Tag Archives: Statehood


imageMANILA, Philippines (The Adobo Chronicles) –  For the first time since the Philippines gained full sovereignty from the United States in 1946, Filipinos will be given the chance to determine their country’s future.

A joint session of the Philippine Congress has approved a resolution calling for a national referendum on whether or not the former American colony should become the 51st state of the U.S. of A.

The referendum will coincide with the country’s 2016 presidential elections.

While the results of the referendum will  not be legally binding, it will send a clear message to the United States about how the Filipinos think of their own government, and of Uncle Sam.

The power to accept any territory or country into the Union rests with the United States Congress.

If approved by the Filipino people through the referendum and favorably acted upon by the U.S. Congress, the Philippines will become the 51st or 52nd state.

Previously, Puerto Rico, in a similar nonbinding referendum, voted 61% to 33% for statehood, while the remaining 6% favored outright independence. Puerto Rico is one of the U.S. territories, along with Guam, the U.S. Virgin Islands,  American Samoa and the Northern Marianas.

If the Philippines becomes a state of the U.S., whomever is elected president in 2016 will automatically become governor of the new state.

Already the campaign for statehood has been launched through an online petition with 7,000 signatures so far.


635495041240943233-floridamapMiami, Florida (The Adobo Chronicles) – Since Hawaii became the 50th state of the United States of America on August 21, 1959, there have been a lot of statehood movements and speculation about which jurisdiction will become the 51st.

Today, more than half a century later, the U.S.A. is looking to welcome not only its 51st,  but its 52nd, 53rd, 54th, 55th, 56th, 57th and 58th state of the Union.

An unreleased Gallup poll shows that majority of Americans are in favor of adding up to 8 states to the Union as a way of boosting America’s overall economy. Many believe that the more U.S. citizens there are, the more taxes the government can collect, thus helping reduce the deficit while increasing the Gross National Product (GNP).  Americans are also confident that adding states to the Union will surely create new jobs. Think of all the additional bureaucratic offices that will have to be created by the new states, not to mention the legions of new elective posts.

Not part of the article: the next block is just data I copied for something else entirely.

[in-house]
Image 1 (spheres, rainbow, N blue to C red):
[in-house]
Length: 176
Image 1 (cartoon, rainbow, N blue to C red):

article-2563649-1BAB833600000578-311_634x402Initially, there were only 7 jurisdictions being considered for statehood — the Philippines, Puerto Rico and 5 new states in California.  But this week, a new statehood candidate emerged: South Florida.

South Miami Vice Mayor Walter Harris proposed a resolution dividing Florida into two states, and it passed with a 3-2 vote at the city commission meeting on Oct. 7. He says Tallahassee, the state capital, isn’t doing enough to deal with the problem of global warming.

The proposal would chop off the bottom half of Florida — roughly from the city of Orlando down. The new state would include 24 counties.

Previously, there were multiple calls to chop off the entire state of Florida from the U.S. map because of problems it was causing the rest of the country, not the least of which was the problematic election count during the 2000 presidential elections.

This new proposal will chop off just half of the state but the chopped off part will still remain a part of the Union.